Not to denigrate cheerleading, but most of the people in the stands who are looking at the girls are watching what’s going on behind them. At best, they are a moderately annoying view obstruction. At worst, they are targets for derision and flat-out hatred, not to mention sexual objectification.

Let’s not also forget that cheerleading is the most dangerous of all sports for young girls. Don’t believe me? Read this story from ABC News and get back to me. And if that’s not reason enough, then there’s this: a Federal court just issued a ruling that cheerleading is NOT a sport under Title IX, and therefore cannot be counted towards gender-equity compliance.

So cheerleading is insanely dangerous AND it’s not a sport. Put that in your pom-pom and shake it.

But I had to pause and consider something: if I carried my inherently negative thoughts towards cheerleading to their logical conclusion, I would become negative towards my daughter. I would, essentially, destroy her with my words, attitudes and thoughts. Knowing this, I vowed to keep my comments to myself. I promised that I would be nothing but a super-supportive dad. No snide remarks during sessions at the cheer gym. No cutting jokes during the choreography of the dance routine. No condescending blather while she practiced imploring her team “T-D, we want a touchdown!”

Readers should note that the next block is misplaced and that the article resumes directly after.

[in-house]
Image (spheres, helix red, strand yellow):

I have been the model of restraint.

Well, almost. I lost it when she tried on her bloomers (the little underwear-like thing that covers up the real underwear); they were a little too tight and little too high-cut for my tastes. I held my tongue, though, until she tried on her skin-tight long sleeve undershirt with the ridiculously deep v-neck. At that point I looked at Rachel and said, “Did we buy a cheerleading uniform or an exotic dancer starter kit?”

Let’s just say daddy has issues with the uniform.

I never imagined how challenging it would be for my child to choose her own path. I’ve learned to accept that she has chosen to do something that I never wanted her to do, but what I’ve not mastered is my own response to choice. I know it’s only cheerleading, but I feel like it’s imperative for me to set aside my own history and embrace the fact that she’s writing her own. Maybe she falls in love with cheerleading and it becomes a life-long passion; maybe she does it for a season and decides to move on. I don’t know. But what I do know is that this is what Ella is right now, and for me to be a true father, I need to be there for her in the moment.